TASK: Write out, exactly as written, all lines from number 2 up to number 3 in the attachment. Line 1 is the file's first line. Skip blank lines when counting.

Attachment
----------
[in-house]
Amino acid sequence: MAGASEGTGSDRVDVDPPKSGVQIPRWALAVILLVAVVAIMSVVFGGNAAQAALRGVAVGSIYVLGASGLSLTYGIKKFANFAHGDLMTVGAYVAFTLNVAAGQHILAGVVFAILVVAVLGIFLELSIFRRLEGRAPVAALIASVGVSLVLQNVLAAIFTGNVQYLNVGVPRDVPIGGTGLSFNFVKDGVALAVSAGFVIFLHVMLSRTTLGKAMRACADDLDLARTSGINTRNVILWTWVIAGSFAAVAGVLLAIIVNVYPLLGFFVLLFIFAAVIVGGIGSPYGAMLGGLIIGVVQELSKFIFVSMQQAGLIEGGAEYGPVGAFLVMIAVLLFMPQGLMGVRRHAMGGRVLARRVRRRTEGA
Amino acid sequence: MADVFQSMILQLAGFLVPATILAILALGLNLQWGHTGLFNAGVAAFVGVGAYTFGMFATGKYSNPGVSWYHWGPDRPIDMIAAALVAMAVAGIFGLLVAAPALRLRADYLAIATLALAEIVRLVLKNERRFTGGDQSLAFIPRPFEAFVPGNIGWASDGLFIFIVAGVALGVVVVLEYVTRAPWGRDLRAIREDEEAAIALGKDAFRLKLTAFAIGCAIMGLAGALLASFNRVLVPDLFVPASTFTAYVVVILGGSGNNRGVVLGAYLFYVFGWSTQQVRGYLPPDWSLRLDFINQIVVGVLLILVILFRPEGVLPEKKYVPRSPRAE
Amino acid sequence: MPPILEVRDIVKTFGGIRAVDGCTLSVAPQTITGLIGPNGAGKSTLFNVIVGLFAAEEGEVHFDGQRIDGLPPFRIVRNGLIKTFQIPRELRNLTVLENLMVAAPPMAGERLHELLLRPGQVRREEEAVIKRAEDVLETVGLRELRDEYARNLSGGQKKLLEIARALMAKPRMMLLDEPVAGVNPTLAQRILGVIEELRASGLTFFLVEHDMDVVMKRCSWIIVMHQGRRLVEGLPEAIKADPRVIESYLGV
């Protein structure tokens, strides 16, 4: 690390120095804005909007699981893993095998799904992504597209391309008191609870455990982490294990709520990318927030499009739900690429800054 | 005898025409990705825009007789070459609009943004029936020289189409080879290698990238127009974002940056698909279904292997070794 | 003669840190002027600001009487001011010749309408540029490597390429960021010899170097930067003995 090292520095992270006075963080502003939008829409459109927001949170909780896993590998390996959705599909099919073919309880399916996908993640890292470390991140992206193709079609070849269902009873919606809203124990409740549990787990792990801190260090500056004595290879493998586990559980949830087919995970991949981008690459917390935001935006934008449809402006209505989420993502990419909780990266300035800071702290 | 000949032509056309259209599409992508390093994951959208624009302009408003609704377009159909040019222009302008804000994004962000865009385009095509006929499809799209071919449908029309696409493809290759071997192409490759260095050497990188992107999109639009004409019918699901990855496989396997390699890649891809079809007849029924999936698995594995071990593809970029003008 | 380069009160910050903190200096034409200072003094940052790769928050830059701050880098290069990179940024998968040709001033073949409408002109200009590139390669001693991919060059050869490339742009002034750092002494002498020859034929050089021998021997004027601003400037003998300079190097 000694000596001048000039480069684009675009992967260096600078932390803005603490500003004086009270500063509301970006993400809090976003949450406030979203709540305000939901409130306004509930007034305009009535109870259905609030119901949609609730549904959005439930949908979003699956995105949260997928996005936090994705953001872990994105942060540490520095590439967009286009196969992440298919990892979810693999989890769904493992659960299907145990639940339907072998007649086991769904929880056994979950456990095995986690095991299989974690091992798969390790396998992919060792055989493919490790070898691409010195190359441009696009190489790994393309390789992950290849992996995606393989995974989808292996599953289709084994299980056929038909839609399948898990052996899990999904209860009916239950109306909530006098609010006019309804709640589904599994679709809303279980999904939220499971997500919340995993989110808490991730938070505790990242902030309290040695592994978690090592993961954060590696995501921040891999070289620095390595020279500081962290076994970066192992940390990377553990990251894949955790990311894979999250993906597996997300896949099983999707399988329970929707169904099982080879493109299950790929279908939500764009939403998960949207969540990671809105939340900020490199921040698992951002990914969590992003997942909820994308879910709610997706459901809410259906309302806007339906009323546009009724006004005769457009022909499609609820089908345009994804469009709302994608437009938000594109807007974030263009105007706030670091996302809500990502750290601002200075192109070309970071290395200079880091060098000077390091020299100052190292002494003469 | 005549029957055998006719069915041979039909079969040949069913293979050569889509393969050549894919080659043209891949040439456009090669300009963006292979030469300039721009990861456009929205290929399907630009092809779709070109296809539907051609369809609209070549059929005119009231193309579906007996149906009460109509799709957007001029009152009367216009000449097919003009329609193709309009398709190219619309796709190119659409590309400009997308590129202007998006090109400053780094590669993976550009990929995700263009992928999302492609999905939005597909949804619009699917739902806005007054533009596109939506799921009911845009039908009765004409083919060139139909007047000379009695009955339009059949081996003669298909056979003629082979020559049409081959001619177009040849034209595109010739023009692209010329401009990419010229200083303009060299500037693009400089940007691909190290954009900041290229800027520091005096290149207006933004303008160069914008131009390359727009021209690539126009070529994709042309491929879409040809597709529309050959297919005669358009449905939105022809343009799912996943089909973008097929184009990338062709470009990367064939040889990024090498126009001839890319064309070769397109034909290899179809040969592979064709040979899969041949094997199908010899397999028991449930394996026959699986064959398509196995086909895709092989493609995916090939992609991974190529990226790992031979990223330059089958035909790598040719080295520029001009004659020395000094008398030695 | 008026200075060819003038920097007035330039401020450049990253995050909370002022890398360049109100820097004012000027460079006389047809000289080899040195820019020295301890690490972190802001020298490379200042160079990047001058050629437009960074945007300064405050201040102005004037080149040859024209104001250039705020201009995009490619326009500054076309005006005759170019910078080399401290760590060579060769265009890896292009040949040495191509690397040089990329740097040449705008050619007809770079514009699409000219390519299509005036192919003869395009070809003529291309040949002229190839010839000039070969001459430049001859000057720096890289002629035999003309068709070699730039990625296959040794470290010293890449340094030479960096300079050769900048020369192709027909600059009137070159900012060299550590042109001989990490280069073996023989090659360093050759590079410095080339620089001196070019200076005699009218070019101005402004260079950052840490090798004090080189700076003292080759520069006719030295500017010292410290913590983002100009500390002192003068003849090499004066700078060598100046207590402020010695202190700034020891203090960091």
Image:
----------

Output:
Amino acid sequence: MAGASEGTGSDRVDVDPPKSGVQIPRWALAVILLVAVVAIMSVVFGGNAAQAALRGVAVGSIYVLGASGLSLTYGIKKFANFAHGDLMTVGAYVAFTLNVAAGQHILAGVVFAILVVAVLGIFLELSIFRRLEGRAPVAALIASVGVSLVLQNVLAAIFTGNVQYLNVGVPRDVPIGGTGLSFNFVKDGVALAVSAGFVIFLHVMLSRTTLGKAMRACADDLDLARTSGINTRNVILWTWVIAGSFAAVAGVLLAIIVNVYPLLGFFVLLFIFAAVIVGGIGSPYGAMLGGLIIGVVQELSKFIFVSMQQAGLIEGGAEYGPVGAFLVMIAVLLFMPQGLMGVRRHAMGGRVLARRVRRRTEGA
Amino acid sequence: MADVFQSMILQLAGFLVPATILAILALGLNLQWGHTGLFNAGVAAFVGVGAYTFGMFATGKYSNPGVSWYHWGPDRPIDMIAAALVAMAVAGIFGLLVAAPALRLRADYLAIATLALAEIVRLVLKNERRFTGGDQSLAFIPRPFEAFVPGNIGWASDGLFIFIVAGVALGVVVVLEYVTRAPWGRDLRAIREDEEAAIALGKDAFRLKLTAFAIGCAIMGLAGALLASFNRVLVPDLFVPASTFTAYVVVILGGSGNNRGVVLGAYLFYVFGWSTQQVRGYLPPDWSLRLDFINQIVVGVLLILVILFRPEGVLPEKKYVPRSPRAE